Tag Archives: Shoes to match fabrics

Sometimes It’s All About the Shoes

Well, maybe it’s not entirely about the shoes, although they do promise to share a starring role with my just-completed yellow and blue linen dress.

All about the shoes

I first spied these lovelies on the Simply Soles website last winter, as part of the offerings for Spring/Summer shoes. Although I loved everything about them (the combination of colors, the fabric, the asymmetrical bow, the kitten heel, the brand – knowing from experience that Butter shoes are extremely comfortable), I decided not to purchase them. At that point in time, I had not yet bought the bittersweet yellow linen, so I had no reason to buy shoes with such a limited color palette. By the time I had a good reason to buy them, they were no longer available in my size.

All about the shoes However, the Simply Soles website allows one to request an email advice should the correctly sized shoe become available. Weeks went by, Summer arrived, and by then I had paired the recently purchased deep yellow linen with the pottery blue linen. Goodness, I could not stop thinking about those shoes and how perfect they would be with my envisioned dress. And then – they were suddenly available – in my size – and on sale!

All about the shoes

By this time I was already immersed in making my second linen dress of the Summer, so I planned for the blue and yellow linen to be number “3”. In the meantime, I happened upon more documentation of Moygashel linen, this one for the “yellow” piece. Those of you who follow this blog know how much I love to make these connections!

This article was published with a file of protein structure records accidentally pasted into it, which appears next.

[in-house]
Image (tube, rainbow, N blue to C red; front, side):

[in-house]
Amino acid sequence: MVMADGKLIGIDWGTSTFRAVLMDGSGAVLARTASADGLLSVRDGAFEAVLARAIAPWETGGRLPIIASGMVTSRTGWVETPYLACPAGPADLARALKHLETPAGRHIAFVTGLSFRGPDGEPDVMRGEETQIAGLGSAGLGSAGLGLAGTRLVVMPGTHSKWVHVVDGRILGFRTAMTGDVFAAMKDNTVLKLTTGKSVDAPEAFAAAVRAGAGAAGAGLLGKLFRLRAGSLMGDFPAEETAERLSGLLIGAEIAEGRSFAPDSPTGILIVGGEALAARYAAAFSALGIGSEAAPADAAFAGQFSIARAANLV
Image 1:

"... pure enchantment for sun places ... a forsythia linen dress ..."  and the source information in the back of this Vogue Pattern Book Magazine from February/March, 1968 credits Moygashel as the brand of linen.

“… pure enchantment for sun places … a forsythia linen dress …” and the source information in the back of this Vogue Pattern Book Magazine from February/March, 1968 credits Moygashel as the brand of linen.

Seeing an entire dress made out of the forsythia linen helped me to feel confident about having such a bright color as the bodice part of my planned dress.  As I stated in my last post, I decided to use the bodice from this early ‘60s’ Vogue pattern, pairing it with a slim skirt and a belt.

The neckline dips down to a slightly curved V, with a center seam.

The neckline dips down to a slightly curved V, with a center seam.

As this would be a dressier type of frock, and because I know how foolproof couture construction is (with silk organza underlining and crepe de chine lining), I proceeded using those techniques. The facings on the V-shape of the bodice front and back were cut as part of the pattern, instead of being separate pieces. I followed the instructions to reinforce the edges of the fold with ¼” twill tape.

I basted the twill tape just to the outside of the fold line on the "all-in-one" facing.

I basted the twill tape just to the outside of the fold line on the “all-in-one” facing.  This is the back bodice.

And this is the front bodice, showing the deep V and the center seam.